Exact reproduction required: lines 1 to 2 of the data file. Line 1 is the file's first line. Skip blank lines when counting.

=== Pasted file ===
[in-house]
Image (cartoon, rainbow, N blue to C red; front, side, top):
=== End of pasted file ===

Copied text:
[in-house]
Image (cartoon, rainbow, N blue to C red; front, side, top):